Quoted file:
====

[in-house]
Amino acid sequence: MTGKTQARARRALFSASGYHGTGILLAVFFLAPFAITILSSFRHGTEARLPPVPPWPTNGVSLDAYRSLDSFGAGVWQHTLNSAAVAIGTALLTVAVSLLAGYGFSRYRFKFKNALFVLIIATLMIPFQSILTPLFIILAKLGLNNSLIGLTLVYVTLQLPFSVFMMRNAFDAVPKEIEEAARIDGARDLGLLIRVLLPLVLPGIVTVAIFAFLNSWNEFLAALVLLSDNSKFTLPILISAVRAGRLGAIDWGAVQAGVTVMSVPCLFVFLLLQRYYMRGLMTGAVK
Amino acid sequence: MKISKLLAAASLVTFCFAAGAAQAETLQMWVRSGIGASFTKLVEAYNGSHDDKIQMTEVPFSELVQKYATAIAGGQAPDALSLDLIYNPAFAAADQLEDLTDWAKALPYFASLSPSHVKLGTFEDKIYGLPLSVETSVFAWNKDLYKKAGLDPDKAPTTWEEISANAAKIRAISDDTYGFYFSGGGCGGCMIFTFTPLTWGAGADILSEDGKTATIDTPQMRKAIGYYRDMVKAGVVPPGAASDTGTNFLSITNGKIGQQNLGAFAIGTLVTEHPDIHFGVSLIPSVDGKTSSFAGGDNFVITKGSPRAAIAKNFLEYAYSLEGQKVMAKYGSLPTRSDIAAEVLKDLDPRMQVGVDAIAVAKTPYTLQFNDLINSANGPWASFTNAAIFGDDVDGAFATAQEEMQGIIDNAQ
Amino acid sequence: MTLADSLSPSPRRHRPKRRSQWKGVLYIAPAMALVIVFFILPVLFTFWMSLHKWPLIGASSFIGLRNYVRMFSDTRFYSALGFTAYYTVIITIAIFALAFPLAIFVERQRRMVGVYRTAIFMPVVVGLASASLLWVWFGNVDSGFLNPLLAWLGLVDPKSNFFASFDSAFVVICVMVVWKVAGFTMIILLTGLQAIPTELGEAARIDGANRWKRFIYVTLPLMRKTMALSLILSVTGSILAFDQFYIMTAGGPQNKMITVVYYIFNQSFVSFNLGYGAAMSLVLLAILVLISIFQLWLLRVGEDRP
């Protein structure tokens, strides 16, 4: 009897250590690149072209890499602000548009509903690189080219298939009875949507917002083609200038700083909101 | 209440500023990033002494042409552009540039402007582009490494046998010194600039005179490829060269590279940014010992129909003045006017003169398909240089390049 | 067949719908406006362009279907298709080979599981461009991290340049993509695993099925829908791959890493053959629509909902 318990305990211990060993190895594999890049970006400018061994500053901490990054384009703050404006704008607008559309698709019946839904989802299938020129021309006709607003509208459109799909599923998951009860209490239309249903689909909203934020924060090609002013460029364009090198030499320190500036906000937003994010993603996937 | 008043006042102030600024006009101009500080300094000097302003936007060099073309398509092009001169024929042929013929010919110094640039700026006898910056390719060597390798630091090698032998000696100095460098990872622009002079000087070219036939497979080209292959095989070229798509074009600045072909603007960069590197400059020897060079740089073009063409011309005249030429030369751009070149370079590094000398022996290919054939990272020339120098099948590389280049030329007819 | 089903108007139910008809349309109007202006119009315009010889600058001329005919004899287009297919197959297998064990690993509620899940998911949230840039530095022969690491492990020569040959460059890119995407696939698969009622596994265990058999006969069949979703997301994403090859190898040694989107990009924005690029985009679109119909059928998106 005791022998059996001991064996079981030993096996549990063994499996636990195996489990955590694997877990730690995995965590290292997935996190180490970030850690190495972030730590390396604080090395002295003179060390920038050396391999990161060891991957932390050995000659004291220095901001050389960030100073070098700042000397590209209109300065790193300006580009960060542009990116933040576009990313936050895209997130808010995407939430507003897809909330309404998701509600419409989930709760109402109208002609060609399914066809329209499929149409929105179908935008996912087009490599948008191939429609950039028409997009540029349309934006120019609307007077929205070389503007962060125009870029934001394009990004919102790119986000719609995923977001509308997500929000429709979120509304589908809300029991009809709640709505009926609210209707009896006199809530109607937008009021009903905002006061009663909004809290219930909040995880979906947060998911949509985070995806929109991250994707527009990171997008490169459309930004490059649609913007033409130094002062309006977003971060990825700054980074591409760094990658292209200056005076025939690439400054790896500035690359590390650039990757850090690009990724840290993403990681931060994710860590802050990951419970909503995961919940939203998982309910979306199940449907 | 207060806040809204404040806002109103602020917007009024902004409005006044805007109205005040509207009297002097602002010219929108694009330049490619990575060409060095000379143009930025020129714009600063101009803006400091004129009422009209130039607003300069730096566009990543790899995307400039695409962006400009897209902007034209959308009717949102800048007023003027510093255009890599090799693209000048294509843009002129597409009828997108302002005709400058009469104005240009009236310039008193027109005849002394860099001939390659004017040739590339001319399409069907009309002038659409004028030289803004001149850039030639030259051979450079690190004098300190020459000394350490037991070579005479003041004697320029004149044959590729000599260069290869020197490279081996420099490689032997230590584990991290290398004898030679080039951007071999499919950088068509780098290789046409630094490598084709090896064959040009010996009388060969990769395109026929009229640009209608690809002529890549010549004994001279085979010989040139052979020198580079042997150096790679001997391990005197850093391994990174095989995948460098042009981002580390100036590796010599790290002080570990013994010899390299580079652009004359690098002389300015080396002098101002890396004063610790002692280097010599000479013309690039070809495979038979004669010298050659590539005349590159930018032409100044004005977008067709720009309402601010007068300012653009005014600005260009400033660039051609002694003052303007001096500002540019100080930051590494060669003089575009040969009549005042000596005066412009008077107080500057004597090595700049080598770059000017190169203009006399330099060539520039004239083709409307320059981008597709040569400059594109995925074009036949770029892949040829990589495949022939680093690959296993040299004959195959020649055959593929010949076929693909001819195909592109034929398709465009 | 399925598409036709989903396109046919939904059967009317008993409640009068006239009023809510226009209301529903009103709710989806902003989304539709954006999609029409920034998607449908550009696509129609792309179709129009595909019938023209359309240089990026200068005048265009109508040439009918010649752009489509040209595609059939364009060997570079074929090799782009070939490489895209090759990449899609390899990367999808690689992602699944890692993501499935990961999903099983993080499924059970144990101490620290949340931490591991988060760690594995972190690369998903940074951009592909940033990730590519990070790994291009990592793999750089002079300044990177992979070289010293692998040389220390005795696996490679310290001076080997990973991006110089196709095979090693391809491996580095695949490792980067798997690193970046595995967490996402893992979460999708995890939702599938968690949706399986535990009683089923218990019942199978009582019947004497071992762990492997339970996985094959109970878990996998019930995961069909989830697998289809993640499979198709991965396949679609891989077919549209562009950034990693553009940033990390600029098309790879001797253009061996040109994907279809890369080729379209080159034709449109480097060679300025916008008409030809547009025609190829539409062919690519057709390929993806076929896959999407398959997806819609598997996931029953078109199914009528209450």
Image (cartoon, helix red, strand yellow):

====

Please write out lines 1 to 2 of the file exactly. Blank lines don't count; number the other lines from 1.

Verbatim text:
[in-house]
Amino acid sequence: MTGKTQARARRALFSASGYHGTGILLAVFFLAPFAITILSSFRHGTEARLPPVPPWPTNGVSLDAYRSLDSFGAGVWQHTLNSAAVAIGTALLTVAVSLLAGYGFSRYRFKFKNALFVLIIATLMIPFQSILTPLFIILAKLGLNNSLIGLTLVYVTLQLPFSVFMMRNAFDAVPKEIEEAARIDGARDLGLLIRVLLPLVLPGIVTVAIFAFLNSWNEFLAALVLLSDNSKFTLPILISAVRAGRLGAIDWGAVQAGVTVMSVPCLFVFLLLQRYYMRGLMTGAVK